Tesla Recall Announced for 2M Vehicles with Autosteer Feature That May Increase Accident Risk

Problems with an automatic steering feature of the Tesla Autopilot driver assistance system have been linked to a number of auto accidents and fatalities, leading to a massive recall.

Telsa is recalling more than two million vehicles due to issues with it’s Autosteer feature, which may increase the risk of an auto accident in certain situations.

The National Highway Traffic Safety Administration (NHTSA) announced the Tesla recall (PDF) on December 12, warning that the Autosteer driver assistance system in certain Model X, Model S, Model Y and Model 3 vehicles does not include sufficient measures to make sure drivers are aware of when they need to take over driving, or when the feature has been turned off and is not engaged.

The recall comes amid recent criticism of Tesla’s standard Autopilot features, which include an advanced driver assistance system (ADAS) that is intended to allow the vehicle to maneuver, maintain speed and distance behind other vehicles, and follow lane lines. The Autosteer function is a primary component of that system.

In June, the NHTSA reported that 17 fatal auto accidents and five serious injuries have been linked to the Tesla Autopilot system since 2019. The agency also reported that most of the 807 self-driving technology-related accidents reported at that time involved Tesla vehicles.

More recently, the Washington Post published a report on December 10, which indicated that at least eight fatal or serious accidents have been linked to the Autopilot system when it was used on roads for which it was not designed.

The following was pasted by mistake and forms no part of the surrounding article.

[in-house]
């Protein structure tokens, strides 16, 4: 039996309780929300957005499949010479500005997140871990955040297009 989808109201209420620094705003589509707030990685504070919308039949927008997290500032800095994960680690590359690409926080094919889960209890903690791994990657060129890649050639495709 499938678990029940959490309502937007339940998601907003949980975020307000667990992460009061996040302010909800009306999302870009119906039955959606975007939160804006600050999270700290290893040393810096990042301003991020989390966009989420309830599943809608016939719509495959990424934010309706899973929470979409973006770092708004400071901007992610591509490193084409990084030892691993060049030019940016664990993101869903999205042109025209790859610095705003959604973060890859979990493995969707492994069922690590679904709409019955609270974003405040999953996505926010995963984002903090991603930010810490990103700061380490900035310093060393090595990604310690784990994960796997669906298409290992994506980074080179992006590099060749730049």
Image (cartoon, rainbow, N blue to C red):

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In this latest recall, the NHTSA determined that Tesla failed to put the proper safety measures in place to warn a driver that they need to take over driving, or to warn them that the system is disengaged. This could lead to drivers relying on the Autosteer at times when it is unreliable or not even functioning, the recall notice warns.

“In certain circumstances when Autosteer is engaged, and the driver does not maintain responsibility for vehicle operation and is unprepared to intervene as necessary or fails to recognize when Autosteer is canceled or not engaged, there may be an increased risk of a crash,” the NHTSA warns.

The recall affects an estimated 2,032,220 vehicles, including Tesla Model 3 vehicles from model years 2017-2023, Tesla Model S vehicles from model years 2012-2023, Tesla Model X vehicles from model years 2016-2023, and Tesla Model Y vehicles from model years 2020-2023. All affected vehicles are equipped with the Autosteer feature.

Tesla has indicated it will release an over-the-air software update free of charge, and will notify owners of the recall by letter, which is expected to be mailed on February 10, 2024. Tesla owners with questions can call Tesla customer service at 1-887-798-3752.

Tesla Autopilot Lawsuits

The recent increase in reported self driving car accidents involving Tesla and other auto manufacturers implementing driver assistance technology has led to wrongful death lawsuits that allege the systems contributed to fatal car accidents.

In 2021,  a wrongful death lawsuit against Tesla alleged the Autopilot system failed to detect an oncoming crash, resulting in the death of a 15 year old.

In February 2022, a lawsuit alleged the Tesla Model 3 Autopilot system failed to detect and avoid a crash, leaving a woman dead and her husband severely injured.

Tesla maintains that neither its standard Autopilot system, nor its Full Self Driving (FSD) feature, are intended to be fully automated, “driverless” systems, but are an add-on software package capable of stopping at traffic lights, steering around vehicles, and maneuvering through turns. Tesla users must maintain active supervision while using both features and prepare to intervene if necessary to avoid a crash, according to company marketing materials.


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